Russia plans to send probe to moon in 2015

MOSCOW Tue Jan 15, 2013 2:56pm EST

The Luna-Glob in an undated illustration. REUTERS/via NASA

The Luna-Glob in an undated illustration.

Credit: Reuters/via NASA

Related Topics

MOSCOW (Reuters) - Russia will resume a long-dormant quest to explore the moon by sending an unmanned probe there in 2015, the head of the space agency was quoted as saying on Tuesday.

The craft, called Luna-Glob, or Moon-Globe, will be carried by the first rocket to blast off from a new facility that Russia is building in its far eastern Amur region, Roskosmos director Vladimir Popovkin said, according to the Interfax news agency.

"We will begin our exploration of the moon from there," he said of the new space centre that will decrease Russia's reliance of the Baikonur Cosmodrome in the ex-Soviet nation Kazakhstan, which it leases.

Russian space officials have said Luna-Glob would consist of an orbital module and a probe that would land on the moon and beam back information about samples it takes from the surface.

The Soviet Union got a jump on the United States in the Cold War space race, sending a probe to the moon in 1959 and putting the first person into space in 1961. But the United States first put a man on the moon in 1969 and Russia has not done so.

The last successful Soviet launch of a unmanned probe to the moon was in the 1970s, and Russia has suffered setbacks in its space program in recent years, including bungled satellite launches and the failure of a Mars probe in 2011.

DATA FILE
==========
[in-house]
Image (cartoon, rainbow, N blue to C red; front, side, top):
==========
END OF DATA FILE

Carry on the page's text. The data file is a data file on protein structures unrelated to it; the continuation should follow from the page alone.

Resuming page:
A successful rocket launch on Tuesday put three military satellites in orbit, the Defense Ministry said.

Prime Minister Dmitry Medvedev approved a plan last month to spend 2.1 trillion roubles ($70 billion) on space industry development in 2013-2020, to pursue projects to explore the moon and Mars, among other things.

(Writing by Steve Gutterman; Editing by Robin Pomeroy)

We welcome comments that advance the story through relevant opinion, anecdotes, links and data. If you see a comment that you believe is irrelevant or inappropriate, you can flag it to our editors by using the report abuse links. Views expressed in the comments do not represent those of Reuters. For more information on our comment policy, see
Comments (2)
MikeBarnett wrote:
This is a good development because it provides another country with resources and technology for the exploration of space. Should there be problems with probes of other countries, Russia may be able to assist. This allows greater options for dealing with difficulties that may arise in space to ensure that scientific knowledge is preserved for all nations to study. The universe belongs to everyone.

Jan 15, 2013 7:19pm EST  --  Report as abuse
jhvance wrote:
I hope the mission will be successful, and the probe will be targeted for landing within one of the permanently shadowed craters near the polar regions where relict water ice has been strongly indicated by past satellites, both from orbit and from the sampling of material thrown up by deliberate impact. With an exploitable source of water ice, the fundamental economics of space exploration beyond low-Earth orbit will change radically and positively, since it can be used for potable water, breathable oxygen and reaction fuel components.

Jan 16, 2013 2:41pm EST  --  Report as abuse
This discussion is now closed. We welcome comments on our articles for a limited period after their publication.